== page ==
Our friends at CasaSugar reported that the Minneapolis-based modern furniture company known for their über-cool home designs have launched their first rug collection. Among the new creations are three rugs made from recycled newspaper (yes, it's true) that are wrapped in cotton. They're available in three sizes and colors, including punchy purple, and cost $149-$499 at bludot.com.
Courtesy of Blu Dot
Don't have time to browse all the online sample sales everyday? You're in luck: We searched them all and brought back the best.
Editor's Pick: From left: Skyline To Go Mug, including Paris, New York City, San Francisco, London, and Seattle, by Rust Design, $16 each, Fab.com.
Bright lights, beautiful cups! With these quirky yet elegant mugs, you can be a jet-setter without leaving the comfort of your desk--each porcelain mug has an urban skyline etched on its surface. Sip your favorite brew, and take in the City of Lights. Or, treat yourself to a view of Seattle's Space Needle. Your morning joe just got a little more street-savvy.
Want to snap this up? Move quickly. Sale ends Sunday, 11am. Check back tomorrow for the next Daily Sampling!
Filed under: Storage & CleaningIt seems odd at first but when you put mouthwash and cleaning together, it makes complete logical sense. The best use of mouthwash as a cleaner? The toilet bowl.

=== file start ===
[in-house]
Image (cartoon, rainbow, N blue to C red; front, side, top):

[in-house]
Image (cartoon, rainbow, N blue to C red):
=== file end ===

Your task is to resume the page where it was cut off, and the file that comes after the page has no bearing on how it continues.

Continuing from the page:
As unsettling as it seems, the disinfecting and germ-killing purpose of mouthwash makes it a natural cleaner to eliminate bathroom bacteria in the toilet. Just like any toilet cleaner, pour two lid-cups into the toilet bowl and let it sit for 15-30 minutes. Then scrub with a toilet brush and simply flush.
Have a cleaning tip to share? Let us know at Twitter.com/ShelterPop.
Filed under: Storage & CleaningClean a pool without lifting a finger...where do we sign up?
We almost couldn't believe this one, but it's true! If you want a cleaner pool, just throw in a tennis ball. Its velvety surface will absorb the oils left behind on the surface of the water from visitors coming and going. (Which explains why our pool smells of sunscreen sometimes.)
Check out these amazing homes from our friends at Sunset Magazine.
Browse homes with breathtaking views through floor-to-ceiling windows and walls of glass.
Gorgeous views of the Santa Ynez Mountains are provided by this glass-walled Montecito home. As wildfires often ravage this part of the Santa Barbara coast, the architects chose fire-resistant materials (steel, concrete) for the construction.